September 2016: EDITOR Devangshu Datta

EDITOR Devangshu Datta

The civil aviation industry seems to be in a sweet spot at the moment with a series of positive developments over the past couple of years. Low crude prices have significantly reduced operational costs and passenger traffic is growing strongly.  The release of the National Civil Aviation Policy (NCAP) has also helped clarify future direction and the policy has generally been seen as positive in its approach.

In addition, there has been some movement on the airport front, with the Mopa greenfield project finally being awarded. On the investment side, IndiGo successfully launched an IPO, new airlines took off and incumbents invested in capacity. FDI norms have also been eased for air transport and brownfield airport projects.

However, these gains are negated to some extent by persistent issues. Several airport projects remain stalled though movement on Mopa is welcome.  The new airport at Durgapur currently has no scheduled flights, which means it could become a white elephant. A comprehensive ATF policy is required since taxes on it remain high and vary from state to state. Airlines, thus, remain vulnerable to any spike in crude prices.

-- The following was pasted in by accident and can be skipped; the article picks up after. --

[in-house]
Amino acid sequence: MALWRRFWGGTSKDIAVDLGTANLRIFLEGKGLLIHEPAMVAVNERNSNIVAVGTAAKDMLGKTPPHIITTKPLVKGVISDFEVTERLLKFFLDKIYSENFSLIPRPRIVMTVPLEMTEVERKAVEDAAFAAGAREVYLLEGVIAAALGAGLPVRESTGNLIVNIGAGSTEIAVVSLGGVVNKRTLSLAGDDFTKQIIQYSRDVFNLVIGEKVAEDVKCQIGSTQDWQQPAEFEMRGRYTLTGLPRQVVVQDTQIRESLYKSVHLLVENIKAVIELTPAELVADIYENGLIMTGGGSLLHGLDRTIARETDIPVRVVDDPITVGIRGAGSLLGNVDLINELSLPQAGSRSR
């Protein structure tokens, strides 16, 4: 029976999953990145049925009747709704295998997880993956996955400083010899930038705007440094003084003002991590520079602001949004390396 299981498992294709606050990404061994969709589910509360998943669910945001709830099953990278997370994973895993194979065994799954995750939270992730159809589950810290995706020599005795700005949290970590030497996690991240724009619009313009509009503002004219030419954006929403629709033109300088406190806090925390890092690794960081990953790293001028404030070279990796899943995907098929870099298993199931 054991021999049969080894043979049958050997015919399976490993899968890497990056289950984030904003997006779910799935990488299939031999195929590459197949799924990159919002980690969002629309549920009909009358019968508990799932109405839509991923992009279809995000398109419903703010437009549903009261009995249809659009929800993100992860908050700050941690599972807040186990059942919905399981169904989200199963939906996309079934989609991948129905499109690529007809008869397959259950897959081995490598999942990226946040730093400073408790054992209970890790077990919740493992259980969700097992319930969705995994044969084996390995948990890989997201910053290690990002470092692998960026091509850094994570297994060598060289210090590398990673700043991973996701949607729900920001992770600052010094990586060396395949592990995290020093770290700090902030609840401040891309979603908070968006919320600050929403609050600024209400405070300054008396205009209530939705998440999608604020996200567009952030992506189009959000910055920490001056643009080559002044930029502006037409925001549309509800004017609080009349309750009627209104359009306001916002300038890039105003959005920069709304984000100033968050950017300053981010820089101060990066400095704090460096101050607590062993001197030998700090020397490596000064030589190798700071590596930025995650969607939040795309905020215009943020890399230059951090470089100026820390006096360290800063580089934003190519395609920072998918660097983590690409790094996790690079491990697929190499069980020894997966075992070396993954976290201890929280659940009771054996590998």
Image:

Competition is also increasing with four new players – Vistara, a full-service carrier, and regional players like Air Pegasus, TruJet and Air Carnival – in the domestic market.  Just two Indian operators, Indigo and GoAir, seem to be profitable and yields could drop as competition increases.

The NCAP proposal to introduce the concept of “hybrid till” tariffs at airports could lead to higher aeronautical charges for airlines and higher airfares for passengers. This would be a dampener on demand. Stakeholders also say that other aspects of economic regulation, such as the rate of return, regulatory asset base, separation of airport assets and costs, etc., have not been clarified.

Also, while the NCAP proposal of 0/20 is an improvement on the erstwhile 5/20, it does not place domestic airlines on an equal footing with foreign airlines, which suffer no such restrictions. So, it’s still not clear whether this will enable Indian operators to claim a larger share of the international market.

Despite these issues, the industry is riding on the back of double-digit growth in passenger traffic and steady gains on the freight side. As long as crude prices remain soft and GDP growth remains strong, the industry will not face too much turbulence.